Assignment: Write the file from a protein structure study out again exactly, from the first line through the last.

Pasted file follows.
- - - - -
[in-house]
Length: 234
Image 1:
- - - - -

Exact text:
[in-house]
Length: 234
Image 1: